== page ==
Very interesting article in the Guardian about rape during war-time. There's not much getting round it, basically every major war in history has seen rape used by both sides as a basic modus operandi. And then they tell us that they don't think we should let women fight in the army... Does anyone think maybe we shouldn't let MEN fight in the army? I do. What is also clear here, as though anyone were ever in any doubt, is that rape is not a sexual act, not related to frustration and attractiveness but an act of violence and aggression, reflective of an underlying hatred of women. Its about a desire to hurt, not a desire to please. That hatred and desire to hurt women permeate our culture in peacetime too, think of films like the disgusting Boxing Helena or the nasty end of the porn industry, some of the lyrics of popular music, games like Grand Theft Auto where running over hookers is a standard tactic...

Friday, June 17, 2005

Bush and consistency

It's not often that the Cru-blog sees fit to link to the "Adult Industry News" site. And yet I feel compelled to make at least passing comment on this little "tit-bit" (sorry, weak pun...). Porn star Mary Carey has been invited to join a lunch with George Bush. I can't help wondering how her performances in a series of hard-core pornographic films fits with the Bush abstinence-only policy. Although fittingly the series of films she has starred in do run with the responsible adult tag-line "no fake boobs and no condoms". Also as highlighted here in a very witty interview Bush's loathing for all things homosexual seems to be at odds with her appearance in the charmingly-titled "Lesbian Big Boob Bangeroo"...!

Thursday, June 16, 2005

This new religious hatred law...

Was just reading this article on the BBC about children being tortured and murdered for allegedly "being witches". Now how did these kids get labelled as "witches" and who suggested as a result that they should be mis-treated? Well, it was members of the clergy, as described in this article, in which Pastor Modeste Muyulu from the Pentecostal Church of the French Christian Community in Harlesden (north London) says "There are people who are used by the devil to bring a curse or bad luck to other people's lives, even to kill them ".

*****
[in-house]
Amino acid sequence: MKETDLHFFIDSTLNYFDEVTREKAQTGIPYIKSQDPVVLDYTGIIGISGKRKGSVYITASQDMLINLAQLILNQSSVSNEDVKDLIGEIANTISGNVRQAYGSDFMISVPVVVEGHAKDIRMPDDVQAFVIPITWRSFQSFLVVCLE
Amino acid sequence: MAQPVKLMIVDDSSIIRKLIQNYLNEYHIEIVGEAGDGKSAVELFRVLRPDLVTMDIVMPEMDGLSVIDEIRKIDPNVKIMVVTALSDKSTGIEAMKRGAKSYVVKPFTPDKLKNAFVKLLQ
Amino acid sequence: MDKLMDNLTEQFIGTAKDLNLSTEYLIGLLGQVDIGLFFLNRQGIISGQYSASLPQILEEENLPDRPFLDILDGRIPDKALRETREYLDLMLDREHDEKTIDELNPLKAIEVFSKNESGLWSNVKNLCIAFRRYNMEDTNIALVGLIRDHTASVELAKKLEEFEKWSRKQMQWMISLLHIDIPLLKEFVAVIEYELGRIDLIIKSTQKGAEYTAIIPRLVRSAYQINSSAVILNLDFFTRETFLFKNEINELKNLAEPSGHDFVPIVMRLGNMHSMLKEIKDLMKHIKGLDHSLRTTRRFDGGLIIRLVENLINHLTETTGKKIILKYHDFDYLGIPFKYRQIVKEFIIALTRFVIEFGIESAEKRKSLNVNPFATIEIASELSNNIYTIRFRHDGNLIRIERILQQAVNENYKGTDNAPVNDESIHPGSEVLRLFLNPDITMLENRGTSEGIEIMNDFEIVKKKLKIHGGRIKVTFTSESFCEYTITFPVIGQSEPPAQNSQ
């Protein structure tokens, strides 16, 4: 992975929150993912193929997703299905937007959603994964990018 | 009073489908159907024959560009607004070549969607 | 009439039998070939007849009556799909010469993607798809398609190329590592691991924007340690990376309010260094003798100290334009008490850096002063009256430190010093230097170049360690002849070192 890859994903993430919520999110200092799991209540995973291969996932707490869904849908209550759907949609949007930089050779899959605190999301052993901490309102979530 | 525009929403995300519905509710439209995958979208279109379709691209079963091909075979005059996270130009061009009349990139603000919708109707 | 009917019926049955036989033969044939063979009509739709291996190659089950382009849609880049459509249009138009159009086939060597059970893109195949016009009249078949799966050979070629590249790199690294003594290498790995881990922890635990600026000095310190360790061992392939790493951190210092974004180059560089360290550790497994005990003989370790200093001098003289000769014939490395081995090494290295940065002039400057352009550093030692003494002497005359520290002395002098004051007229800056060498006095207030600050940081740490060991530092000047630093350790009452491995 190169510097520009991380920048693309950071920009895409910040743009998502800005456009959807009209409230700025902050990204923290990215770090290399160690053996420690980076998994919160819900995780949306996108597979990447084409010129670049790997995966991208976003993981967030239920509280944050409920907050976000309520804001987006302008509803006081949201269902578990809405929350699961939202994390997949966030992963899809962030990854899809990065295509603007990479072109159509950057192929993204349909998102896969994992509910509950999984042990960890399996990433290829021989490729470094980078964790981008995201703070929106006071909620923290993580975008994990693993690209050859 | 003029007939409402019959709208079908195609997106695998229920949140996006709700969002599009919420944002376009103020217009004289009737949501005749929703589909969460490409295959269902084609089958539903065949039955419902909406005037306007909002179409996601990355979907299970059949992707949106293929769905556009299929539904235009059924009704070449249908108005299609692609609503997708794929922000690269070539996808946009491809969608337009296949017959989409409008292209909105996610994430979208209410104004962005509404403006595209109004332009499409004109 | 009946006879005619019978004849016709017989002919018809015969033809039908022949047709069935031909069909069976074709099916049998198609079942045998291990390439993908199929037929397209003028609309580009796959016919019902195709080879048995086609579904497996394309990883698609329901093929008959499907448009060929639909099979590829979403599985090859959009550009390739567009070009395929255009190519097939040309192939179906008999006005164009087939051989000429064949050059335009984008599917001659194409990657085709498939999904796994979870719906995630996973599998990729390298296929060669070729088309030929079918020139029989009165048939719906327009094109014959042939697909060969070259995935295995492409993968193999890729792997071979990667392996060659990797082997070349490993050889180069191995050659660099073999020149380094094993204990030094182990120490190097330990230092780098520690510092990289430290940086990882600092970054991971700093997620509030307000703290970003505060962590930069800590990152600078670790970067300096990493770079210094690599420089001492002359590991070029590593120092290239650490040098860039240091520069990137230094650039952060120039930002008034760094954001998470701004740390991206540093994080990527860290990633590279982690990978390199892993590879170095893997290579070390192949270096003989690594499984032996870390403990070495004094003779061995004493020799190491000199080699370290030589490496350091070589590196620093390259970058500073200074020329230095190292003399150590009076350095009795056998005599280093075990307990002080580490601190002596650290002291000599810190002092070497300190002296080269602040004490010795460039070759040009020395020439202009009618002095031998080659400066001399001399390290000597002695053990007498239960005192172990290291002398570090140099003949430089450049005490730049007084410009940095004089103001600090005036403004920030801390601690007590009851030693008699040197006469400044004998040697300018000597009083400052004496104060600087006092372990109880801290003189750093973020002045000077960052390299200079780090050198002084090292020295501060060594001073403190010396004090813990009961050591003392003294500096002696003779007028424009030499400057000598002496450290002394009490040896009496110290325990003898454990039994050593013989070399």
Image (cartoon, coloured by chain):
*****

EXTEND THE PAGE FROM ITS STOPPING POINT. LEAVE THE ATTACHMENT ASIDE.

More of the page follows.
Now articles on the subject are a mish-mash of lies and conjecture about witch-craft as far as I can make out. There is a significant UK wiccan population, actually I know some British witches and they're a very peaceful, friendly bunch, interested in herbalism, candles, crystals and in spending time outdoors. Much as I generally oppose religion, I think witches are alright. They're often the first ones on the scene to fight against environmental degradation, they are very active promoters of women's issues. They're also practitioners of the UK's original and indigenous religion. Christianity, Judaism, Islam, Hinduism and Sikhism have all been brought in over the centuries from overseas. And they're a non-evangelising religion, there's no knocking on doors trying to recruit new members, which is a winner with me. Most witches I know are evolutionists rather than creationists. Contrary to popular perception they have very strict rules, such as the wiccan rede "an harm ye none do what ye will" and don't do things to harm others. You can read more about them on the Children of Artemis site.

So can I take Pastor Modeste Muyulu to court for inciting religious hatred against practitioners of wiccanism? I'd really like to cos I think "incitement to torture and murder small children by insisting that 'God' wants you to" should be very much against the law. It even fits with one of my "Seven Big Lies" of religion.

Wednesday, June 15, 2005

Interesting movie

Ever heard the one about the people who were persecuted for NOT being religious? Actually it happens at a subtle and a less subtle level all the time. And a very interesting movie has been made about a particular case in the US, called Heart of the Beholder. It's being screened as part of the Gay and Lesbian Humanist Association film festival. Bookings here.

Monday, June 13, 2005

Blogger in trouble

Zach, a young blogger from the US is being sent off to a church-sponsored camp called (horribly ironically) Love in Action to "cure" his homosexuality...! Surely there is a law against this sort of thing? Surely its "unconstitutional"?